In Shakespeare’s Macbeth, one of the three Witches or Wayward Sisters threatens to kill a woman’s husband over a chestnut. This is meant to show the impassivity and comic relief of their characters.
Around the same time, the name of the chestnut is used twice by the translators of the King James Version of the Bible. In the first instance, Jacob puts peeled twigs in the water troughs to promote healthy offspring of his livestock: ‘Jacob took him rods of green poplar, and of the hazel and chestnut tree; and pilled white streaks in them, and made the white appear which was in the rods’ (Genesis 30: 37).
In the second instance, we are told ‘The cedars in the garden of God could not hide him: ‘the fir trees were not like his boughs, and the chestnut trees were not like his branches; nor any tree in the garden of God was like unto him in his beauty’ (Ezekiel 31: 8).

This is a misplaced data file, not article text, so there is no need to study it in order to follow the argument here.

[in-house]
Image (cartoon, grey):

The first occurrence is now translated as almond in the New Revised Standard Version, and the second as plane trees. But the chestnut’s appearance in Macbeth and the King James Version of the Bible shows that in early 17th century England the fruit of the chestnut tree was regarded as a local staple food. By then, the great Tortworth Chestnut in Gloucestershire was centuries old and a well-known landmark and one of the largest trees in England.
For some reason, I imagine we are losing too many of our old trees on these islands. But one of the most ambitious environmental projects of the new millennium was a plan to quietly transform large tracts of Leicestershire, Derbyshire and Staffordshire with a blend of new planting and ancient woodland that in future are going to form the largest new expanse of forest in England for 1,000 years.